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How Well Do You Know Your 401(k)?

by Akemi K. Dalvi

The old saying "knowledge is power" applies to many situations in life, including retirement planning. The more you know about the benefits your plan offers, the more likely you'll be to make the most of them and come out ahead financially when it's time to retire. Here are some questions to test your knowledge about your plan.

How much can I contribute?

The maximum contribution permitted by the IRS for 2015 is $18,000, although your plan may impose lower limits. Further, if you are age 50 or older, you may be able to make an additional $6,000 "catch-up" contribution as long as you first contribute the annual maximum. Check with your benefits representative to find out how much you can save.

What investments are available to me?

Recent research indicated that a third of retirement plan participants were "not at all familiar" or "not that familiar" with the investment options offered by their employer's plan.1 The study went on to reveal that individuals who were familiar with their retirement plan investments were nearly twice as likely to save 10% or more of their annual income, compared with those who report having little-to-no knowledge about such investments.1

Understanding your investment options is essential when building a portfolio that matches your risk tolerance and time horizon. Generally speaking, the shorter your time horizon, the more conservative you may want your investments to be, while a longer time horizon may enable you to take on slightly more risk. For example, a person in their 30’s has many years until retirement and can ride the ups and downs of a more volatile asset allocation with the goal of long-term growth in mind. However, someone in their 60’s may not want to take as much risk. They’ve worked hard to save and don’t want a risky portfolio allocation to take a dive the year in which they planned to retire. For more advice on portfolio allocation, reach out to a Certified Financial Planner or qualified investment representative for guidance and a custom plan that suits your risk tolerance and long-term goals.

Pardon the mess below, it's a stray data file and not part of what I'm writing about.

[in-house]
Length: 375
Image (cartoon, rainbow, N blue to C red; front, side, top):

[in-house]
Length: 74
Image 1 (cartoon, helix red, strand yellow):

What are the tax benefits?

Contributing to your employer's retirement plan offers two significant tax benefits. First, since your contributions are taken out of your paycheck before taxes are withheld, you get the up-front benefit of lowering your current taxable income. Plus, since you don't pay taxes on the money you contribute or on any investment earnings until you make withdrawals, more goes toward building your retirement nest egg.2

Will my employer make contributions to my account on my behalf?

Many companies try to encourage participation in their retirement plans by matching workers' contributions up to a certain percentage of each worker's salary. Defined contribution benchmarking studies indicate that the average company contribution in 401(k) plans is now 2.7% of pay.3 The most common type of fixed match reported by 40% of plan sponsors is $.50 per $1.00 up to a specified percentage of pay (commonly 6%).3 For their part, employees interviewed recently cited "taking advantage of the company match" as the top reason for participating in their company's retirement plan.4

How long before the money in the plan is mine?

Any money you contribute to your retirement account is yours, period. However, any matching contributions made by your employer may be on a "vesting schedule," where your percentage of ownership increases based on years of service. Current research indicates that 40.6% of employers now offer immediate vesting of matching contributions.3 Because vesting schedules vary from plan to plan, be sure you know the specifics of yours.

Your Certified Financial Planner or company benefits representative can help you answer these and other questions about your employer-sponsored plan. Being "in the know" may help you avoid missteps and make as much progress as possible on the road to retirement

Source/Disclaimer: